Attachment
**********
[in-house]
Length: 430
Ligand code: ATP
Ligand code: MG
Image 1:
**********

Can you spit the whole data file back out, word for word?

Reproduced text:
[in-house]
Length: 430
Ligand code: ATP
Ligand code: MG
Image 1: